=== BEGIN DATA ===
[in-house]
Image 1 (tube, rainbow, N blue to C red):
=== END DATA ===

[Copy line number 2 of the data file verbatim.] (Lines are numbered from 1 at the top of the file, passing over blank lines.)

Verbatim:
Image 1 (tube, rainbow, N blue to C red):